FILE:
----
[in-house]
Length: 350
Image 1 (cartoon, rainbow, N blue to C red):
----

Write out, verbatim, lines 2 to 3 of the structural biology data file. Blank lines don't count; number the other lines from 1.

Length: 350
Image 1 (cartoon, rainbow, N blue to C red):